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MB3050 - Biological Oceanography

Credit points: 3
Year: 2023
Student Contribution Band: Band 2
Administered by: College of Science and Engineering

This subject examines plankton and their interactions with the physical and chemical environment. Thematically we explore the following: structures in the ocean, sampling equipment and oceanography; nutrients, productivity, phytoplankton and upwelling; planktonic consumers in the sea as well as their distributions, behaviour and life cycles, jellyfish fisheries, the survival of larval fish to recruitment and relevance to fisheries; impacts and manipulation of plankton, global climate change, pollution and applications for aquaculture.

Learning Outcomes

  • to give a sense of the complex structure of the planktonic community over the full scale of variation across space, time and body size;
  • to give the student a new conceptual understanding of the ocean as a fabric of living organisms, rather than as a mere water mass;
  • to impress upon the student the fundamental significance of the plankton as the foundation of the economy of the sea and the nursery for most of its species;
  • to provide a practical familiarity with the techniques of plankton sampling, identification and analysis.

Subject Assessment

  • Written > Essay (including multi-draft) 1 - (15%) - Individual
  • Written > Field report - (20%) - Individual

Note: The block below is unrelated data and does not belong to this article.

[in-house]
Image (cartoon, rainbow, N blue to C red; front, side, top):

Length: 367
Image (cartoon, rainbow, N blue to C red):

• Examination (centrally administered) 60%, Online Test/Quiz 5% - (65%) - Individual.
Students enrolling in this subject should have a good understanding of basic biological principles (eg BS1001) and marine systems (eg MB2050) and should have completed either SC2202 or SC2209 and MB2050 or equivalents.
Prerequisites: (BS1007 OR BZ1007) AND MB2050 AND (SC2202 OR SC2209 OR BS2001 OR BZ2001)
MB5055 AND MB3059


Townsville, Study Period 1, Internal
Census Date 23-Mar-2023
Coordinator: Professor Michael Kingsford
Lecturers: Professor Michael Kingsford, Dr Eric Wolanski, Professor Jodie Rummer, Professor Garry Russ, Dr Orpha Bellwood.
Workload expectations:

The student workload for this 3 credit point subject is approximately 130 hours.

  • 26 hours lectures
  • 27 hours was Practicals
  • 6 hours workshops
  • 3 hours fieldwork
  • assessment and self-directed study

Note: Minor variations might occur due to the continuous Subject quality improvement process, and in case of minor variation(s) in assessment details, the Subject Outline represents the latest official information.